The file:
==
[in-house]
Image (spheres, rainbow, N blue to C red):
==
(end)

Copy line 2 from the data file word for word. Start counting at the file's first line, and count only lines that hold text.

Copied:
Image (spheres, rainbow, N blue to C red):